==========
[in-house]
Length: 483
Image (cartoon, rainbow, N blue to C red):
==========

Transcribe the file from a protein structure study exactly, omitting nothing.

[in-house]
Length: 483
Image (cartoon, rainbow, N blue to C red):